Today it is no longer new to see international evangelists/speakers team-up with their Nigerian colleagues to organize praise events, conferences and seminars where worshippers are challenged to offer thousands of dollars in seed offerings to key into ‘special’ prophetic declarations –a practice not peculiar to the Nigerian church alone. “Where two or more are gathered in my name, there I am with them in their midst.” So yes, God responds to partakers of this type of challenge. But while such prophetic exercise may produce one or two champions of faith in a gathering of thousands, will Jesus employ such selection process that limits participation and widens inequality?
There is a line from an old running Nigerian TV soap theme song which captures the plight of vulnerable Christians “…where the fish drowns or even die of thirst…” Today, the church is in danger of becoming an Oasis in the desert where people drown due to leadership which does not exemplify love in its actions, and die of thirst due to ‘ministry expansion’ imperatives which, too often, place importance on revenue generation over the welfare of members.
Today thousands of people go to worship hungry, give offerings and return home hungry –some sleep in church toilets or lack transport fare to return home after service, as I witnessed sometime last year in one of the churches along Lagos-Ibadan expressway. Members contribute tithes and effort to build schools they cannot enroll their wards for because it is priced above their means. And as ministry expands, more wealth and power is concentrated in the hands of a few pastors who have leveraged the church platform/audience to build careers and business empires –profits of which does not trickle down to members nor used to fight societal ills that influence Nigeria’s unpopular narrative for better.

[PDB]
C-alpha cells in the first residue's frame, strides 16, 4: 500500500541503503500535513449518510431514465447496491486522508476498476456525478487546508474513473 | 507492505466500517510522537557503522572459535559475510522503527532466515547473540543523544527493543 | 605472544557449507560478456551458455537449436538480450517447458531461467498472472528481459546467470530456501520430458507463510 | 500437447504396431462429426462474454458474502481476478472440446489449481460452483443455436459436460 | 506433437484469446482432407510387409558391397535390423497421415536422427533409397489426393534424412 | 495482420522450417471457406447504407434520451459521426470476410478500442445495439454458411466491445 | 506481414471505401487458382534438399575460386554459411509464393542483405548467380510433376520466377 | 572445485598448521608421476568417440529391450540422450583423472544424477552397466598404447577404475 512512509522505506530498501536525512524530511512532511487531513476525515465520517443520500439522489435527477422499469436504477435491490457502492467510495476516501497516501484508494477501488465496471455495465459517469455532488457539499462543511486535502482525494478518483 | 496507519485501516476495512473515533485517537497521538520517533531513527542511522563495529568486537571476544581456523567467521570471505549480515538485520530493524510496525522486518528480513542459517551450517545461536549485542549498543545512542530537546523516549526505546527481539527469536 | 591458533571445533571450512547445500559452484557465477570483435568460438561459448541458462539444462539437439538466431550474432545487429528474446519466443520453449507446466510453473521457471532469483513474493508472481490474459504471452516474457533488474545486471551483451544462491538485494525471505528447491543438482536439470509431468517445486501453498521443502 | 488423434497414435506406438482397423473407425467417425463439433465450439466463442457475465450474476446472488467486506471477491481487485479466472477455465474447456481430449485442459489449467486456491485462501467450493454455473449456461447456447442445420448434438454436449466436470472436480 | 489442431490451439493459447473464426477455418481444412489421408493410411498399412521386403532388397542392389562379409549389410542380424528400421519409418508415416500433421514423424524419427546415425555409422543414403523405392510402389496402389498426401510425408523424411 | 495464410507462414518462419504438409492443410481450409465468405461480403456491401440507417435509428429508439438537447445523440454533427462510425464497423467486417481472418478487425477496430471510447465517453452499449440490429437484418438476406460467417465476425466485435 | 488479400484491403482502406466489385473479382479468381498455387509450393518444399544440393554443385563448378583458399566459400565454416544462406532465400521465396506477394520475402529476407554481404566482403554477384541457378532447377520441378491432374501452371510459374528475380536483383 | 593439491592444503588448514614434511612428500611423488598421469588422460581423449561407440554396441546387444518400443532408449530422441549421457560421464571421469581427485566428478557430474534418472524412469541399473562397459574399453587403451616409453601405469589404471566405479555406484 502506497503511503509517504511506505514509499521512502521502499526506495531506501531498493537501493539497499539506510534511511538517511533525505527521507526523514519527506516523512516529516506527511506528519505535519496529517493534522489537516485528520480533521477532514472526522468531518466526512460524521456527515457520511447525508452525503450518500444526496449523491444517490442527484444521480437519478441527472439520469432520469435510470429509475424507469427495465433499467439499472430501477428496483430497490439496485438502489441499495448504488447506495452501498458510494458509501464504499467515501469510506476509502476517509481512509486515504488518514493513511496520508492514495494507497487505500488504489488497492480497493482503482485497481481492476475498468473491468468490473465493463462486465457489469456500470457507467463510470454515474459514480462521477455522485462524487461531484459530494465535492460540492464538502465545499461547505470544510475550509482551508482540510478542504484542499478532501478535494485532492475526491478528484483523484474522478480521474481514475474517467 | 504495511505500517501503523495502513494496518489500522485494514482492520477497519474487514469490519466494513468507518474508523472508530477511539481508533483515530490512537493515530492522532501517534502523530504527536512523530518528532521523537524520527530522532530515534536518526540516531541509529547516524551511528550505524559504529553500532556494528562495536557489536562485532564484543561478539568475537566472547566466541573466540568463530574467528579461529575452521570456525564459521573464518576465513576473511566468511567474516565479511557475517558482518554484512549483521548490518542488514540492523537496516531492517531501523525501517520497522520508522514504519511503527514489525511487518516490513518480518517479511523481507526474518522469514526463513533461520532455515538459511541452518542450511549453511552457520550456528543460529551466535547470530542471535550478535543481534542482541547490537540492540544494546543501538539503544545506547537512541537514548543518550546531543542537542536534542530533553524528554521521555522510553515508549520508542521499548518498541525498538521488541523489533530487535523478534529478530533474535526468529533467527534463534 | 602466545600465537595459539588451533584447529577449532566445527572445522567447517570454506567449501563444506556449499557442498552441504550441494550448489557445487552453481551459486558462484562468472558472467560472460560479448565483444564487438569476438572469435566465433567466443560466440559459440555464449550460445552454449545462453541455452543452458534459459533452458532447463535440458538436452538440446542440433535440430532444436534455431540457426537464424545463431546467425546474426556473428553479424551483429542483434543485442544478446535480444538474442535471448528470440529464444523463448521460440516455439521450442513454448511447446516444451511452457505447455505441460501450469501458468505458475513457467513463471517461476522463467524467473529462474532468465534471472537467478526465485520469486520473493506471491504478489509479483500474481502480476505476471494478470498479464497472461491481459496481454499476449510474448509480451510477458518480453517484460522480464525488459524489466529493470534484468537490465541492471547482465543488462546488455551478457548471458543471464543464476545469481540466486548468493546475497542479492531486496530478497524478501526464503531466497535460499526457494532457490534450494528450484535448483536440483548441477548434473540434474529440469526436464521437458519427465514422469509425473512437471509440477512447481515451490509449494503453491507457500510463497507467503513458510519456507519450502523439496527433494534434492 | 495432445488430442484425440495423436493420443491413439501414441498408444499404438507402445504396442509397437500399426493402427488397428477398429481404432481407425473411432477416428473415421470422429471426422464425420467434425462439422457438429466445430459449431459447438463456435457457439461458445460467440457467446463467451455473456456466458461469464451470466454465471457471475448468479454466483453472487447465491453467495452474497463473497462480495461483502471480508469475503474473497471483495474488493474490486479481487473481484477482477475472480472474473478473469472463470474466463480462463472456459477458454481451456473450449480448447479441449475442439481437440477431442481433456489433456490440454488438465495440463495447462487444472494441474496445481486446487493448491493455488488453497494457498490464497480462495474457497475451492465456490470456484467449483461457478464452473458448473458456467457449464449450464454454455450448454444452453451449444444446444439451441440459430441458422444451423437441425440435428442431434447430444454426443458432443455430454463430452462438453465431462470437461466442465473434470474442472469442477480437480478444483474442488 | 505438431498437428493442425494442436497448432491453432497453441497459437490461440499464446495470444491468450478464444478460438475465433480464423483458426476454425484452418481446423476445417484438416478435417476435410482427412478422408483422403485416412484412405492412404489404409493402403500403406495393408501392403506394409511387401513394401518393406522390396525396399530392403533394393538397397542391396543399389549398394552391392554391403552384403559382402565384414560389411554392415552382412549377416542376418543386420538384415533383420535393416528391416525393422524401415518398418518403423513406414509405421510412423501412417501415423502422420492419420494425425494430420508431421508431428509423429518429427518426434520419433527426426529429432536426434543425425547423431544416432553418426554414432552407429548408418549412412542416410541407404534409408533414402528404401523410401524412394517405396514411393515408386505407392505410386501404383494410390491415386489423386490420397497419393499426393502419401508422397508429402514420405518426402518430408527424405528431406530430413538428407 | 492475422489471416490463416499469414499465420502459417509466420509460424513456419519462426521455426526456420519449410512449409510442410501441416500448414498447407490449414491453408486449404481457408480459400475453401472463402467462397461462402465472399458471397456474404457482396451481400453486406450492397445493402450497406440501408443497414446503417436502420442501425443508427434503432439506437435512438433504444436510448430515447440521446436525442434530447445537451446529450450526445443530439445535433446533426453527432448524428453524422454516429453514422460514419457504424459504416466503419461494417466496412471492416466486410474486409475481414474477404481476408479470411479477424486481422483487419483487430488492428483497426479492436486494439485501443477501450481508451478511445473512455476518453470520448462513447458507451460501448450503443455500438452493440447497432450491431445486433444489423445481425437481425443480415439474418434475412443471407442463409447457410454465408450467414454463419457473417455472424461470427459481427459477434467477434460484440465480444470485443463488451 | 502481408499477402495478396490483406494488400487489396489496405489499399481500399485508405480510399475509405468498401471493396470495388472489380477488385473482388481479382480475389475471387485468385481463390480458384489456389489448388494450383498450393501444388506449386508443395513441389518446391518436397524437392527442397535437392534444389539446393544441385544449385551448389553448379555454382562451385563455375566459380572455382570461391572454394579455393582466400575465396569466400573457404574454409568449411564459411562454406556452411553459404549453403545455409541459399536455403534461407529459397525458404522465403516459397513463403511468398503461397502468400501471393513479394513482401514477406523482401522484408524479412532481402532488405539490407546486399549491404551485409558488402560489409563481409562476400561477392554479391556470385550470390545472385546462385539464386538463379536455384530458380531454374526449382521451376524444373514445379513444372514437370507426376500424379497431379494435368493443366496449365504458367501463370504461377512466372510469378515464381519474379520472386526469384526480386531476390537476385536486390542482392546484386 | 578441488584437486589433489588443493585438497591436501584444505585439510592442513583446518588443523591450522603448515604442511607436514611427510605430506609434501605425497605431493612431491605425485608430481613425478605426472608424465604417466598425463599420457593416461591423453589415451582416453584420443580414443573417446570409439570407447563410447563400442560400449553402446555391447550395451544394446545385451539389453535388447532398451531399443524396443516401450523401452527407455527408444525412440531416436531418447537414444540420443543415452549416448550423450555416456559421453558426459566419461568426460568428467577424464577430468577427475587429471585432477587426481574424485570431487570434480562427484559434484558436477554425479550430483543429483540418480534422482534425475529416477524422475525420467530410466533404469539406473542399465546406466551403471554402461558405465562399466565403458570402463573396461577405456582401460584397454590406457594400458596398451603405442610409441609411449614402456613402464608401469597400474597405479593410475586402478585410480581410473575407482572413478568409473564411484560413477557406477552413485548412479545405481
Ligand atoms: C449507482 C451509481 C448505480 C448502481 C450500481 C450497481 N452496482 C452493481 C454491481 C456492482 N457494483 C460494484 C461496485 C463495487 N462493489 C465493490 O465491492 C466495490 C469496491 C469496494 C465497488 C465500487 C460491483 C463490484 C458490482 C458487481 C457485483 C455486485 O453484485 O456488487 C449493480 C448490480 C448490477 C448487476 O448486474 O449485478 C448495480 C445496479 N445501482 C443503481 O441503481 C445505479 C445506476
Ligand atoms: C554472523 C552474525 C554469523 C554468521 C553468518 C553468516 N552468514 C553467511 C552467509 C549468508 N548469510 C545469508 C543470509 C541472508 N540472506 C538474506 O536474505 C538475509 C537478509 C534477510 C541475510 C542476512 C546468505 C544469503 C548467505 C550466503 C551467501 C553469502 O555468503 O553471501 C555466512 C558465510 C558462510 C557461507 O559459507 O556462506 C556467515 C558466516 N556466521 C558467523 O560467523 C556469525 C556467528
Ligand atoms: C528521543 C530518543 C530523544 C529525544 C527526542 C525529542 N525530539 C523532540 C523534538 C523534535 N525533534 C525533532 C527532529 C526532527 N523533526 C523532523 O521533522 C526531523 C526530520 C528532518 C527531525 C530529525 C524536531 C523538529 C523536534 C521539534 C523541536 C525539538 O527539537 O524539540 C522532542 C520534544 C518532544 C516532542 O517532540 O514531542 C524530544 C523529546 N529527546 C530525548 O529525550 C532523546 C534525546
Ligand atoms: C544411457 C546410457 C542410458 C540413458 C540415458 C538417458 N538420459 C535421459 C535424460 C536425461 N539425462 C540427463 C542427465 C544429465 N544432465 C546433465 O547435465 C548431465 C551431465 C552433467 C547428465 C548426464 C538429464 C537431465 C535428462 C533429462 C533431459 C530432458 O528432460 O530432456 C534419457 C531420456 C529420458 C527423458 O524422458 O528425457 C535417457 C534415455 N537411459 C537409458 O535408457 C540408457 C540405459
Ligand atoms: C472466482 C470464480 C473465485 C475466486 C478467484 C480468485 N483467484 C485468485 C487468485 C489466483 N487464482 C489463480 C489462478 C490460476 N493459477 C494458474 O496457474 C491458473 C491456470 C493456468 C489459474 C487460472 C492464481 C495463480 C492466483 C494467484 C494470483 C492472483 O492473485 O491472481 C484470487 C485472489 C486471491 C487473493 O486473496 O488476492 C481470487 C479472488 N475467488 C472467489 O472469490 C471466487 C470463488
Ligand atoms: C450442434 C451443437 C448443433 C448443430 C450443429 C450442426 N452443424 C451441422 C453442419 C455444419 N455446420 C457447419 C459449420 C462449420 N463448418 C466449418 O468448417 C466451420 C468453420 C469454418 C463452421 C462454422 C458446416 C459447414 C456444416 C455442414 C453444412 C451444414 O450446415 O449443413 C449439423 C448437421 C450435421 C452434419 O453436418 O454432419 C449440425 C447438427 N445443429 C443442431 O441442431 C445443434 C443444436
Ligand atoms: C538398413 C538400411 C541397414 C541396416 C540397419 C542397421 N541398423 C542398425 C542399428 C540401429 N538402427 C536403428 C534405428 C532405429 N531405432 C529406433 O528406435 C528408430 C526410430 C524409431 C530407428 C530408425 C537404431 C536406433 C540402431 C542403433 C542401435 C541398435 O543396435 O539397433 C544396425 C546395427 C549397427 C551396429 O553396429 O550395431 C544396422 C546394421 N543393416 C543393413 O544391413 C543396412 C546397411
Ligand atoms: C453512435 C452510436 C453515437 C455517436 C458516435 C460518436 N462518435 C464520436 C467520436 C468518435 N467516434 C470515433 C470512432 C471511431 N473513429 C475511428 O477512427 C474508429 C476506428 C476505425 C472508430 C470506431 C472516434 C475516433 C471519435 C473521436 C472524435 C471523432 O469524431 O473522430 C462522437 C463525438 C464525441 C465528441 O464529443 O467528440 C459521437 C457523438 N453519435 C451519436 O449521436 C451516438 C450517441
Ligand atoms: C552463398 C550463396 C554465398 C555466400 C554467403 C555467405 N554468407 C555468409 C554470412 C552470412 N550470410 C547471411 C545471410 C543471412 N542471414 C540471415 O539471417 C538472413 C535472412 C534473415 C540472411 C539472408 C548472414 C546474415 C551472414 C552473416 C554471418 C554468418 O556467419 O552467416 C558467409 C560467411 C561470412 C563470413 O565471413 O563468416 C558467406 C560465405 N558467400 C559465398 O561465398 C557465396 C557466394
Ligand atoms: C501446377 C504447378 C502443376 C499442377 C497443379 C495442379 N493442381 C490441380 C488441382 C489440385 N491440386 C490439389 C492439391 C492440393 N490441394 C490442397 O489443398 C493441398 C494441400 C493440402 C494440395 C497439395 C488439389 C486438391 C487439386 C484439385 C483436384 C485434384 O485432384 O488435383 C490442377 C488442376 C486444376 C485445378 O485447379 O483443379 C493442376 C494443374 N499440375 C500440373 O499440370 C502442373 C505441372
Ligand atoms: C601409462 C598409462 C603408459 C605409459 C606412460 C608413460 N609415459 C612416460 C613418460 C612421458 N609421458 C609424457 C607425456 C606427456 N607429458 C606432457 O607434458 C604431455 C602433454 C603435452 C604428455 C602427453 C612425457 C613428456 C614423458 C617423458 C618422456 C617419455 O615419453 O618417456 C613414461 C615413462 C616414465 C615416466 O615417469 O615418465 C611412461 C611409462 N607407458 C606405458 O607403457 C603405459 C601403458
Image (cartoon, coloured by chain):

The Nigerian people, notwithstanding her poor global image, have a proud history; a history of industriousness, faith, resilience and hope. I believe the church will find more fulfilling prosperity when it pursues inclusive growth that harnesses the strength of worshippers by helping them put their dreams to work. Hope is all but lost when our religious institutions supports the prevalent inequality of society. The overarching principle of religion is sympathy for humanity. Who says Nigeria will grind to a halt, if, for example, our two largest religious community’s (Islam and Christianity) pool resources together, identify the needs of millions of Internally Displaced Persons and provide the needed support through intervention projects like toilet upgrade, environmental fumigation, internet provision? The point is our religious institutions, especially the church as the world’s largest religion, must become people oriented. Less money should be spent on the church; more spent on the people. If the church uses its platform to empower members financially through viable empowerment initiatives, then members are enabled to be blessings to a larger body of unreached, agile and needy people in a diverse world than the church can reach alone through visitations and missions. We can put love in motion in our society and the church can be the biggest beneficiary. After all, an empowered congregation is an empowered church –a maxim which holds true for progressive governance as well; an empowered people is an empowered nation.